• A farm brewery was part of the Underground Railroad during the Civil War and a speakeasy and bordello during Prohibition (Hoham/Klinghammer in Plymouth).
  • A large brewery’s life was ended due to a labor strike (F.W. Cook’s in Evansville).
  • One brewery was part of a utopian colony (New Harmony), and one was part of an Archabbey (Saint Meinrad).
  • One brewery recovered from $3,000 debt in 1881 (Joseph Miller in Covington). Another brewery’s owner, when faced with a $5,000 debt in 1889, committed suicide (Main Street Brewery in New Albany).
  • Several were in the back rooms of inns and hotels—early examples of brewpubs.
  • One brewery bought the local newspaper in order to change its editorial stance during a temperance campaign (Indiana Brewing Association in Marion).
  • Some breweries were related to famous people, including Hew Ainslie, Tony Hulman, Richard Lieber, Cole Porter, Knute Rockne, Howard Hawks, Governor Robert Orr and Kurt Vonnegut.
  • A brewery and distillery company started a city’s fire department (Great Crescent in Aurora).
  • Many breweries were taken over and managed by the widows of the owners, and some were started and operated by women.
  • One brewery paid its sales manager $108,000 per year during Prohibition (Kiley in Marion).
  • One brewery piped water from its spring to neighbors during the Civil War—and even built a bathhouse (Spring Brewery in Lafayette).
  • One came to an ignominious end when the president was arrested for income tax evasion after the ex-commissioner of the IRS got a $363,000 tax bill reduced to a $35,000 refund (Indianapolis Brewing Co.).
  • Many brewery buildings have gone on to other uses, including shopping malls, college classrooms, apartments and office buildings.
  • The first brewery in Fort Wayne, at the American Fur Trading Company post, was started by Alexis Coquillard, the founder of South Bend.
  • Brewery owners were jailed for selling bootleg beer during Prohibition. One was given probation because people would be put out of work (Huntington Brewery). One owner was jailed for bribing federal Prohibition agents (Southern Indiana Brewing Company in New Albany).
  • Breweries owned or sponsored minor-league and Negro League baseball teams. One sponsored the Notre Dame football team (Kamm’s in Mishawaka).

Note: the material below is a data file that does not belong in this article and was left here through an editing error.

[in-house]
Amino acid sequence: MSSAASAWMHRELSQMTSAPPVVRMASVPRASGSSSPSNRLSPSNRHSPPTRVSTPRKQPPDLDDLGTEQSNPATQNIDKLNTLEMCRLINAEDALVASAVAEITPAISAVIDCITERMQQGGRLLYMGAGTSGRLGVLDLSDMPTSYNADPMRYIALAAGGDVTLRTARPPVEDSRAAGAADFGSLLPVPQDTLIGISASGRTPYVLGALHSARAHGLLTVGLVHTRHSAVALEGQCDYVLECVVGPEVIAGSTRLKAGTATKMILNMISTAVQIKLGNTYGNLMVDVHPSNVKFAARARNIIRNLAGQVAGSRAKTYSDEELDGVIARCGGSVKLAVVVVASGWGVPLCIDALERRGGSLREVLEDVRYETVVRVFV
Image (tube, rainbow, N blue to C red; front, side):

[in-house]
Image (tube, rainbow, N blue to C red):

• One brewery was built specifically to entice settlers in the 1850s to buy land in a new community (Cephas Hawks in Waterford).
  • One brewery closed three days before winning a gold medal at the Great American Beer Festival (Evansville Brewing Co.).
  • Many were started by immigrants to the United States from Belgium, England, France, Germany, Scotland and Switzerland.
  • One “Brew on Premises” was set up where anyone over twenty-one could brew his or her own beer. (Just Brew It in Mishawaka)
  • Dozens of brewery owners served as mayors, bank presidents or congressmen.
  • A surprising number of breweries burned down—some multiple times. One man (Charles T. Doxey of Anderson) had a brewery, a barrel stave factory, an opera house, a handle factory, a music hall and a plate glass works destroyed by fire while he was a state senator, a U.S. representative and running for governor.
  • One brewery opened a famous restaurant in Chicago that is still operating (Berghoff in Fort Wayne).
  • One brewery was owned by a pipe organ builder (Louis van Dinter in Mishawaka).
  • Three modern-era breweries were opened by doctors.
  • Inventions from Indiana led to the modern CO2 regulator, beer line cleaning equipment and corn-adjunct beers.
  • The largest of the old-line breweries made over one million barrels (bbls) of beer annually (a barrel is sixty-one gallons; Sterling, Drewrys and Falstaff).
  • The largest of the modern-era breweries has a capacity of about fifteen thousand bbls (Three Floyds).